Based on history, clinical findings, and radiographs, a differential diagnosis of dentigerous cyst, unicystic ameloblastoma, and ameloblastic fibroma was established. Dentigerous cyst forms around the crown of an impacted tooth mostly mandibular third molar. This cyst present as pericoronal radiolucency is projected over the apex of a neighboring tooth. This cyst attaches at cementoenamel junction. The internal structure is completely radiolucent except for the crown of the involved tooth with well-defined cortex. Unicystic ameloblastoma forms in the epithelial lining of a dentigerous cyst. The most common site is mandibular third molar region. Unicystic ameloblastoma grows slowly and is discovered during routine radiograph. The borders are usually well defined and surrounded by cortical border. The internal structure is radiolucent. Ameloblastic fibroma is benign mixed odontogenic tumor. The tumor was discovered on a routine dental radiograph. They are usually seen as unilocular or multilocular pericoronal radiolucency. The internal structure is radiolucent, and the borders are well defined with cortication.
Therefore, radiographic differential diagnosis is helpful in the arrangement of instruments to be used at the time of surgery and planning different procedures of surgery including excisional biopsy, incisional biopsy, and aspiration of the cyst. The case was managed by surgical excision of cyst with extraction of 38 [Figure 4]. Root canal treatment was advised for 36 and 37. Cystic lining was sent for histopathological examination. The specimen showed the stratified squamous nonkeratinized type of cystic epithelium overlying connective tissue stroma. The histopathological features were suggestive of dentigerous cyst [Figure 5]. Prognosis of this patient with histopathologically diagnosed dentigerous cyst was good, and there were no signs of recurrence after the treatment [Figure 6] and [Figure 7].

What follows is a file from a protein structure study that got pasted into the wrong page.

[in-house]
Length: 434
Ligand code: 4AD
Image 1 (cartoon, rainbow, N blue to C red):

|Figure 5: Histopathological photomicrograph revealing connective tissue stroma with fibroblasts, lymphocytes, and plasma cells|
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| Conclusion|| |
This case report describes the central variety of dentigerous cysts with clinical and histopathological features. Hence, early diagnosis and treatment of dentigerous cyst will be helpful in decreasing the morbidity of the patient, and to conclude, every individual should visit dentist every 6 months.
Declaration of patient consent
The authors certify that they have obtained all appropriate patient consent forms. In the form the patient(s) has/have given his/her/their consent for his/her/their images and other clinical information to be reported in the journal. The patients understand that their names and initials will not be published and due efforts will be made to conceal their identity, but anonymity cannot be guaranteed.
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Conflicts of interest
There are no conflicts of interest.
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[Figure 1], [Figure 2], [Figure 3], [Figure 4], [Figure 5], [Figure 6], [Figure 7]